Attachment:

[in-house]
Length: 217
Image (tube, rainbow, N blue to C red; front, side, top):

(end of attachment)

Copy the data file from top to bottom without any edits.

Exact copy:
[in-house]
Length: 217
Image (tube, rainbow, N blue to C red; front, side, top):